The introduction of social justice and equity in the Ottawa Charter, the SDH and power, and the use of academic disciplines that promote ideas before evidence has been detrimental to public health responses and its long-term credibility. The morality of infectious disease experts aids in understanding, but due to ideologies disrupting the importance of seeking empirical evidence public health embedding itself in a world that caters to identity politics. In recent years, the WHO shifted its language to promote a sense of urgency on social issues with statements like, ‘Social justice is a matter of life and death’. Public health’s references of a structural power imbalance, while negating the importance of individual behaviours have created tensions between logical and ideological explanations in health disparities. These tension have become visibly mainstream over the last months after the #BlackLivesMatter movement went global and public health got political.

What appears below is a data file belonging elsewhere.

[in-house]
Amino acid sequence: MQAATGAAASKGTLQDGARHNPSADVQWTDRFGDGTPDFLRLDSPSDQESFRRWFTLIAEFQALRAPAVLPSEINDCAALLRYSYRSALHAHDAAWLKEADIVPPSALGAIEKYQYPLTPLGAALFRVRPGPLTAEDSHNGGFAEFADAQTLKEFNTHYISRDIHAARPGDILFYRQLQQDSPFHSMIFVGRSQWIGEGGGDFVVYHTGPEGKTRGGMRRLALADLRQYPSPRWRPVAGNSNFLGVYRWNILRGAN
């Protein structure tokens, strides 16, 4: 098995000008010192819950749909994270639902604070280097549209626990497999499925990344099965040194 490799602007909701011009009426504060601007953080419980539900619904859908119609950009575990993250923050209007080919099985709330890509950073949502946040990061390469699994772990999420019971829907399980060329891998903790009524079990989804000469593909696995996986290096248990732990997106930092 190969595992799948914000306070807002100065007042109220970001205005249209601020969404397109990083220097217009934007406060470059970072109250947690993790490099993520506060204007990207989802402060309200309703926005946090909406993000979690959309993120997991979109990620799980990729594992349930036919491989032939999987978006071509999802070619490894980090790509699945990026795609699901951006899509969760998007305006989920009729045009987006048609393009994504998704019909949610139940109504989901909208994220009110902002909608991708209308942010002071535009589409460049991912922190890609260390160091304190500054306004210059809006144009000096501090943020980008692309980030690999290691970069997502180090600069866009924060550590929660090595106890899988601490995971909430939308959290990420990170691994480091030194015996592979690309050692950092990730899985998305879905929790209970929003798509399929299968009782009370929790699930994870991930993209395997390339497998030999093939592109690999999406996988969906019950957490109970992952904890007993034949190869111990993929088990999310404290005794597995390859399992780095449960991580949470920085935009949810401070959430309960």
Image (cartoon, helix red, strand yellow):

COVID-19 was a global health crisis that could have solidified the importance of public health, epidemiology and population-based healthcare. Social distancing measures were heeded, businesses were closed, masks became the norm, and borders were closed when public health said so. However, after the horrific death of George Floyd, many public health officials saw an opportunity to amplify the discipline’s presence in ideas of oppressive culture, with health boards publicly announcing anti-black racism as a public health crisis. Over 1200 U.S. public health officials supported large group gatherings after having denounced them for the months prior to serve a left-wing political purpose by signing a letter in support of Anti-black racism protests stating, “This should not be confused with a permissive stance on all gatherings, particularly protests against stay-home orders. Those actions not only oppose public health interventions, but are also rooted in white nationalism and run contrary to respect for Black lives.” Public health lost its credibility when they flip-flopped on their recommendations for social distancing to support a political movement. A global pandemic with strict social distancing measures in place should take precedence over a protest movement regardless of the political leanings. Because advocacy, equity and social justice are embedded in public health frameworks officials risked an increase of COVID-19 cases to support a cause for socio-structural change. What authority does public health now have moving forward when they have forgone previous evidence-based, social distancing recommendations in support of #BlackLivesMatter protests? What’s the real public health crisis? The empirically evidentiary pandemic or the ideas of systemic racism? Those who signed the letter justified the protest by describing white supremacy as lethal and theorized that racism is linked to increasing COVID-19 related deaths. How can we develop healthy countries in our societies when those who are responsible for our health forgo their own recommendations to support a cause that is political and ideological, while condemning previous protests that were deemed right-wing and anti-lockdown? How frustrating.